There are currently 12 sunspot regions on the visible solar disk, with small delta’s observed in the trailing portion of NOAA 1991. It was also here that the strongest event of the past 24 hours took place: an impulsive M1-flare peaking at 02:10UT. Two C-flares were produced by NOAA 1986 from behind the west limb, while three C-flares took place in NOAA 1991. Several CMEs were observed. The ones having a (partial) halo, which were first visible in LASCO/C2 at resp. 18:48UT and 21:17UT on 4 March, and
09:24UT on 5 March, were all backside events. None of the observed CMEs has an Earth-directed component, including the CME associated to a filament eruption near the northeast limb (+/- 21:00UT on 4 March).
Eruptive flaring conditions are expected, with a small chance for an M-class flare from NOAA 1991.
Solar wind speed has gradually increased to values between 400-450 km/s, with Bz varying between -5nT and +5nT. A coronal hole on the northern hemisphere has reached the central meridian and might produce active geomagnetic conditions from 8 March onwards.
Geomagnetic conditions have been quiet and are expected to remain so.
Equipment: Coronado 90 + Imaging Source DMK + LX75
Processing: Photoshop, Avistack 300 frames
Time UT: 14:00
Exposure 1/500 sec.
With SPONLI Space is getting closer
Image Credit & Copyright: Fred Vanderhaven
The eggs from this chicken may form into stars. The above pictured emission nebula, cataloged as IC 2944, is called the Running Chicken Nebula for the shape of its greater appearance. The image was taken recently from Siding Spring Observatory in Australia and presented in scientifically assigned colors. Seen near the center of the image are small, dark molecular clouds rich in obscuring cosmic dust. Called Thackeray’s Globules for their discoverer, these “eggs” are potential sites for the gravitational condensation of new stars, although their fates are uncertain as they are also being rapidly eroded away by the intense radiation from nearby young stars. Together with patchy glowing gas and complex regions of reflecting dust, these massive and energetic stars form the open cluster Collinder 249. This gorgeous skyscape spans about 70 light-years at the nebula’s estimated 6,000 light-year distance.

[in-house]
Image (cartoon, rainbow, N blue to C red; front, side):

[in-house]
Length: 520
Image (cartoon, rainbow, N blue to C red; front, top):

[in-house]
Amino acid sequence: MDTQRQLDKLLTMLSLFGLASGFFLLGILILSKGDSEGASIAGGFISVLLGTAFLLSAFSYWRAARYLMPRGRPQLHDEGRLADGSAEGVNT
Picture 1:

APOD NASA 05-Mar-2014
NGC 6334 (also known as the Cat’s Paw Nebula, Bear Claw Nebula) is an emission nebula located in the constellation Scorpius. It was discovered by astronomer John Herschel in 1837, who observed it from the Cape of Good Hope in South Africa.
NGC 6357, is a diffuse nebula near NGC 6334 in the constellation Scorpius. The nebula contains many proto-stars shielded by dark disks of gas, and young stars wrapped in expanding “cocoons”.
Imaging telescopes or lenses: TMB APO 480 f/6
Imaging cameras: Canon EOS 450D / Digital Rebel XSi / Kiss X2
Mounts: Vixen Atlux
Guiding telescopes or lenses: Rubinar 500/5,6
Guiding cameras: Lacerta MGEN
Software: DeepSkyStacker, Fitswork, photoshop
Filters: Baader IR EOS
Dates: July 29, 2011
Locations: Tivoli / Namibia
Integration: 1.7 hours
Autor: Hartmuth Kintzel
05 March 2014
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